One year on – A look back to last winter

17 02 2015

This weekend marked the one-year anniversary of the Valentine’s Day storm, which also marked the end of a particularly stormy three-month period. A new review article – ‘From months to minutes – exploring the value of high-resolution rainfall observation and prediction during the UK winter storms of 2013/2014’ – written by 16 Met Office co-authors reviews the accuracy of our forecasting and warning of severe weather during winter 2013-14, and assesses its performance.

The paper concludes that the “prolonged period of high impact weather experienced in the United Kingdom during the winter of 2013/14 was very well forecast by the operational tools available across space and time scales.”

Here Huw Lewis, the paper’s lead author, and Derrick Ryall, Head of the Public Weather Service, look at the extreme weather last year and the role of the Met Office in communicating severe weather through the National Severe Weather Warning Service.

Analysis chart 1200 GMT 26 January 2014

Analysis chart 1200 GMT 26 January 2014

Winter 2013/2014 in the United Kingdom was remarkable. The country was battered by at least 12 major winter storms over a three month period and was officially assessed as the stormiest period that the United Kingdom has experienced for at least 20 years.

The series of storms resulted in the wettest winter in almost 250 years (according to the England and Wales precipitation series from 1766), significantly wetter than the previous wettest winter in 1914/1915.

Snapshot of UK rain radar surface rainfall rate for 2200 GMT on 23 December 2013

Snapshot of UK rain radar surface rainfall rate for 2200 GMT on 23 December 2013

The extreme weather caused widespread flooding throughout Southern England and coastal damage – most notably in the South West and Norfolk coasts. The impact of the severe winter storms on individuals, businesses and the government were substantial, including several fatalities, widespread power cuts and damaged infrastructure.

Recent advances in forecasting, technology and the scientific developments in meteorology have been considerable. These developments and improvements in accuracy mean that a four-day weather forecast is as accurate as a one-day forecast was just thirty years ago. During the course of last winter, the Met Office was able to use these forecasts to warn of any severe weather well in advance. In the case of the St Jude’s Day storm at the end of October 2013 warnings went out to the Government and the public five days before the storm even existed.

rainfall

As the accuracy of weather forecasts has evolved, so has the communication of the potential impacts of severe weather. The National Severe Weather Warning Service enables more ‘weather decisions’ which in turn help to minimise the consequences of severe weather. The Met Office was at the heart of the government response to the storms, providing advice on weather impacts through the National Severe Weather Warning Service and Civil Contingency Advisors. The Met Office also worked very closely with both the national and regional media, who in turn played a key role in ensuring that the public were fully informed about the potential impacts of any up-coming weather.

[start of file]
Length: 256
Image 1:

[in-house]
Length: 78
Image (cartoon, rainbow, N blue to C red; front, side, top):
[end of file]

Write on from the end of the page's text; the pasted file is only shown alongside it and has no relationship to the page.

In addition to the Public Weather Service, commercial partners and customers were also provided with detailed updates throughout the period in order for them to plan effectively for logistical issues. Together, these advanced warnings helped authorities, businesses and individuals to be better prepared to take mitigating actions.

Driving further improvements in accuracy and therefore reducing the lead time and increasing the detail of severe weather warnings is one of the Met Office’s key priorities . The ultimate aim is to improve the potential for users to plan preventative measures for severe weather events much further ahead. Underpinning all of these developments is a continuing programme of scientific research and access to enhanced supercomputing over the next few years.





Typhoon Hagupit makes landfall in Philippines

7 12 2014

Typhoon Hagupit has made landfall in the eastern Philippines, on a very similar track to the one forecast on Friday. Hagupit (known as Ruby locally in the Philippines) made landfall in the central/east part of the island of Samar, at around 9pm UK time on Saturday 6 December.

Winds have decreased but it remains a very strong tropical cyclone with steady speeds estimated to be around 115mph and gusts peaking around 144mph when it made landfall. The storm is expected to continue to gradually weaken as it continues to track westwards across the Philippines over the next couple of days.

Satellite animation of Typhoon Hagupit 4 December to 7 December 2014

Satellite animation of Typhoon Hagupit 4 December to 7 December 2014

Rainfall on island of Samar has been between 300 and 400mm in the last 24 hours – Borongan has seen 396mm and Catbalogan 360mm. It is expected that the heavy rain will continue to give the greatest impacts as the typhoon moves slowly west over the next few days, bringing the potential to cause give widespread flash flooding and landslides.

The latest forecasts of the track of the typhoon continue to show it moving over the north of the Sibuyan Sea to Masbate/SE Luzon passing to the south of Manila on Monday. Hagupit is expected to have weakened to a Tropical Storm over the South China Sea during Tuesday 9th December (UK time).

The latest forecast of the typhoons path produced by the Japan Meteorological Agency (JMA)

The latest forecast of the typhoons path produced by the Japan Meteorological Agency (JMA)

Met Office scientists continue to work closely with counterparts at the Philippines weather service PAGASA. We are providing the latest information on computer model predictions helping PAGASA to ensure the citizens of Philippines can take the precautions necessary to protect themselves and their property where possible. We have also been providing information to Government departments such as FCO and DFID on the likely impacts of Typhoon Hagupit.

Official warnings of west Pacific tropical storms are produced by the Japan Meteorological Agency. The Met Office routinely supplies predictions of cyclone tracks from its global forecast model to regional meteorological centres worldwide, which are used along with guidance from other models in the production of forecasts and guidance.